Follow up (AIN) -This was the second major disaster of this pilgrimage season, or hajj. Earlier this month, a crane collapsed at Mecca’s Grand Mosque, killing at least 109 people.
Saudi officials described the midmorning stampede— about three miles from the holy city of Mecca—as a “tragic accident.”
Health Minister Khaled al-Faleh told state television that crowding was one cause.
But he also blamed the throngs of pilgrims for failing to heed instructions to move according to a tight schedule to avoid overcrowding.
An estimated two million Muslims from around the world have thronged the holy city to participate in this year’s hajj, which began Tuesday.
Among the dead were 43 pilgrims from mainly Shiite Muslim Iran, according to Iran’s state news agency.
Iranian officials castigated the Riyadh government for the disaster on the first day of the Muslim holiday of Eid al-Adha.
“The failure of the Saudi rulers to provide security for the pilgrims is inexcusable,” said Deputy Foreign Minister Hossein Amir-Abdollahian.
Iran is engaged in a fierce battle for influence with predominantly Sunni Saudi Arabia in the region and across the Muslim world.
Each year, the hajj poses a major logistical challenge to Saudi authorities.
Every financially and physically able adult Muslim is obliged to perform the hajj once, taxing the kingdom’s infrastructure every year.
The pressure is compounded by the multitude of nationalities and languages of those performing the hajj and its rituals, which occur at specific locations in and around Mecca over a short period.
Saudi emergency personnel stand near bodies of Hajj pilgrims at the site where at least 717 were killed and hundreds wounded in a stampede in Mina, near the holy city of Mecca. ENLARGE
Saudi emergency personnel stand near bodies of Hajj pilgrims at the site where at least 717 were killed and hundreds wounded in a stampede in Mina, near the holy city of Mecca. PHOTO: AGENCE FRANCE-PRESSE/GETTY IMAGES
In Thursday’s disaster, the stampede came as hundreds of thousands of pilgrims were moving en masse to a site to throw pebbles against three stone walls in a symbolic stoning of the devil.
Efforts to direct the crowds were compounded by the heat, as temperatures hit 110 degrees.
Saudi authorities maintain a tight rein over the number of Muslims allowed annually to perform the hajj.
In recent years, they have also restricted the number of visas issued to Muslims from abroad until major constructions projects in the holy city are completed.
A HISTORY OF HAJJ TRAGEDIES
Sept. 24: A stampede during the “stoning of the devil” ritual in the Mina area near Mecca leaves more than 700 dead and more than 800 injured.
Sept. 11: At least 109 people are killed when a crane collapses on Mecca’s Grand Mosque after strong winds and heavy rain.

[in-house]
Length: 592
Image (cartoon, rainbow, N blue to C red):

Jan. 12, 2006: More than 360 pilgrims killed in a stampede during the Mina stoning ritual.
Jan. 6, 2006: More than 70 people die in a hotel collapse in the center of Mecca.
Feb. 1, 2004: Some 250 people killed in a stampede at Mina, also at the stoning ceremony.
April 9, 1998: Nearly 120 people killed in a stampede at Mina.
April 15, 1997: A fire caused by a gas stove rips through a camp housing pilgrims at Mina, killing at least 340 and injuring around 1,500.
May 24, 1994: About 270 people are killed in a stampede during the stoning ritual.
July 2, 1990: A huge stampede in a tunnel at Mina after the failure of a ventilation system kills 1,426 pilgrims, mainly from Asia.
July 31, 1987: Saudi security forces suppress an unauthorized protest by Iranian pilgrims. More than 400 people are killed.
Nov. 20, 1979: Gunmen opposed to the Saudi government barricade themselves inside the Grand Mosque, taking hostages. The official death toll topped 150.
Dec. 1975: A fire started by an explosion of a cooking-gas canister in a pilgrim camp close to Mecca kills more than 200 people.
Saudi Arabia prides itself as a leader of the Islamic world.
The king’s official title since 1986 has been “Custodian of the Two Holy Mosques”—a reference to the Grand Mosque in Mecca and the Prophet’s Mosque in Medina.
In 2006 more than 346 pilgrims were killed in a stampede in the same area.
A panicked charge in a pedestrian tunnel in 1990 left 1,426 dead.
After the crane collapse, Saudi King Salman vowed to ensure the safety and security of pilgrims.
The accident was blamed on high winds and the failure of contractor Saudi Binladin Group to meet safety standards.
Late Thursday, Saudi Crown Prince Mohammed bin Nayef, who heads the government committee that oversees the hajj, ordered an investigation into what he described as a “tragic accident,” the official Saudi Press Agency said./End/